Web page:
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Title:Investigating chlorite dismutase biocatalyst reuse using columns
Author(s):Kamalanathan, Indran
Advisor(s):Zilles, Julie L; Guest, Jeremy S
Department / Program:Civil & Environmental Eng
Discipline:Environ Engr in Civil Engr
Degree Granting Institution:University of Illinois at Urbana-Champaign
Degree:M.S.
Genre:Thesis
Subject(s):Biocatalysis
Microcontaminants
Chlorite
Perchlorate
Reuse
Abstract:Microcontaminants are compounds in water present below 1 ppm which have major long-term health impacts. Traditional treatment processes are not designed to treat these chemicals and existing treatment methods come with downsides including higher chemical input, higher energy input, production of a waste stream, use of high cost media, and/or production of toxic byproducts. Biocatalysis, using enzymes to degrade contaminants, has been proposed as a treatment method. This process would require reuse of the biocatalysts to reduce costs for continuously operated water treatment systems. To study the potential for biocatalyst reuse, experiments were conducted on a chlorite dismutase biocatalyst modified with a strep tag; this reuse system allows the biocatalyst to bind to coated resin beads that can be reused in a column system. Chlorite dismutase treats chlorite to chloride and oxygen. Activity tests were conducted in batch for the purified and attached biocatalysts and in column to determine impact of attachment on the biocatalyst’s activity and inactivation. Activity results showed no impact of tag addition, with a tagged biocatalyst Vmax of 34,600 ± 2,900 μmol chlorite min-1 μmol heme-1 and a Km of 106.6 ± 70.6 μM. The attached biocatalyst was able to reach the same maximal activity as the free biocatalyst with the introduction of a mass transfer limited region, which can be described with a kl of 0.1415 cm min-1. Column activity was difficult to measure but was similar to the attached batch result in four successful experiments. Finally, the maximum theoretical turnover number in the column system was 152,800 ± 11,800 μmol chlorite μmol heme-1. While more understanding of the inactivation kinetics is needed to enable a detailed comparison, based on the maximum theoretical turnover number, a fully loaded column is projected to be able to treat 86,000 bed volumes (equivalent to 59.7 days at design flowrate and concentration) before being fully inactivated.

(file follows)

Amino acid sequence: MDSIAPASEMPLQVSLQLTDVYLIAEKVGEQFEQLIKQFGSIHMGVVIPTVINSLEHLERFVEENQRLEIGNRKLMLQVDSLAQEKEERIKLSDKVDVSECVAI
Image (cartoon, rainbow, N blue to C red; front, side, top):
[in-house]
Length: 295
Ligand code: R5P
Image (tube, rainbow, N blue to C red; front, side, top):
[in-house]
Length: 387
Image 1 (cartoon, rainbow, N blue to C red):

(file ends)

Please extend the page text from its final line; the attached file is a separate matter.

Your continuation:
Issue Date:2019-10-09
Type:Text
URI:http://hdl.handle.net/2142/106430
Rights Information:Copyright 2019 Indran Kamalanathan
Date Available in IDEALS:2020-03-02
Date Deposited:2019-12


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